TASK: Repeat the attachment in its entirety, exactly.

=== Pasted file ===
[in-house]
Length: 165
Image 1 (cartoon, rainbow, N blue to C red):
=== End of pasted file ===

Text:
[in-house]
Length: 165
Image 1 (cartoon, rainbow, N blue to C red):